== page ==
The First Date, or St. Valentine’s Day (17 of 90)
That first kiss.
It’s so full of possibility. Excitement. Joy. Nervous-ness. Angst.
No matter how old you are. No matter how comfortable you are. That first kiss is the most humbling moment because you are raw, exposed and alone (well, not exactly alone but alone enough in your mind). You are at the mercy of this other being.
Do you like me?
Many years ago, a different lifetime really, a woman I had once loved looked me in the eyes, full of indifferent rage, and said: I hope someday someone makes you feel the way you made me feel.
She then followed that up by throwing me out of her apartment, ending a four-year relationship, so you can imagine she wasn’t wishing happiness and prosperity upon me.
The story that got us to the Bronx doorstep is long and involved, one worth of a book (Objects in Reality, coming to a Word document near you in a decade or so). For years, I laughed off her gypsy curse in the way that we do with uncomfortable words people hurl at us that strike to the heart of the matter.
I was not a very good boyfriend to her. Not in the end. There were certainly moments of amazing-ness between us. Love that filled us, propelled us through the dark times of early adulthood when the world is confusing and overwhelming. When it counted, though, the time you are tested, I failed. Miserably. Epically.
I broke the one thing that you don’t break: trust.
From there, everything fell apart. The cascading effects of the relationship failing, the darkness that came because of that and the resulting aftermath are mine to have.
I don’t think of her to beat myself up. We did, in a brief time of civility just a year later, have a long conversation about our life together. We found closure. We wished each other well.
Still, there were those well-deserved words.
The problem with constructing walls, I’ve found, isn’t that they keep people out. It’s that they keep people in. Makes them prisoners of their own emotions.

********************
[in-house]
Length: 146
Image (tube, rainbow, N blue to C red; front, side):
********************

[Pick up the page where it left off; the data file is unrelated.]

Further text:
I was talking with a friend last night, recounting a date with an amazing woman, when talk turned to that one person in your life who simply consumes you. We’ve all had that person, the one so utterly wrong yet some inexplicably attractive. The screaming vortex you simply can’t extract yourself from.
As my friend and I chatted, I began to re-count my life with The Muse, a story that I think has finally run its course. Maybe 18 years too late.
Because my walls kept me from ever letting her go. At least in any judicious time. Our relationship was built on faulty foundations, the ones that broke the trust from the Bronx tale. My insecurities, my crippling need to be taken care of, my walls kept those who stumbled into the castle trapped.
I always gave just enough to keep her around. Never enough to fully commit.
As I recount the relationships I had through my years of drinking, it’s not an unfamiliar pattern.
“I wouldn’t change anything because those are the things that made me who I am.”
I don’t understand that sentiment. Maybe because my alcoholism created so much unintentional damage across the landscape that the idea that it’s somehow okay that my actions, while detrimental to so many others, are now forgiven because I’ve finally emerged from that life.
I am thankful every day that I’ve had the chance to see and begin to repair (not fix. Never fix.) that life. That I have an appreciation for love and happiness and joy and peace.
I would happily give that all away if I could erase the mistakes of my past that smashed into people around me, that trapped them in the walls of my self-doubt.
It’s Valentine’s Day, though, and this isn’t – not to go all Mark McGuire on your – a blog about the past. It’s about the future.
Because the human body, the human spirit, is amazingly resilient. Quit smoking and within years your body recovers to it’s near-original state. The damage I created so long ago has been paved over, replaced by new damages. The Muse and I have started our separate roads to recovery from each other.
Life goes on. Lessons resonate with us.
As I spent the evening chatting with my date, laughing and falling into an easy conversation, she told me that I was lighter than she remembered. A different person than she’d met.
It’s true, I confessed. I am not entirely sure who this person walking around in my body is, but I know who he isn’t. I told her of this past year’s dating missteps, of my decision not to date, of my commitment to the Year of Change. We spent the evening playfully finding ways to touch arms, or shoulders, or knees. We giggled. We told outrageous stories about ourselves. We talked about passion. And life. And mistakes. And possibilities.
We were honest, sometimes to an uncomfortable fault. And then we moved ahead anyway.
When it was time for me to head back home, she followed me to my car. Both of us, shuffling feet. Shy-ly. In the adult way we do to avoid that long, silent pause. The moment of truth. The time when you face the judge.
Do you like me?
But that moment comes. Because we want it to. We all want those long, silent, heart-breaking pauses. The moment just before that first kiss. When everything is in front of you. Your heart leaps, your mind races.
“Maybe,” I said, “I’ll have to re-think that not dating thing.”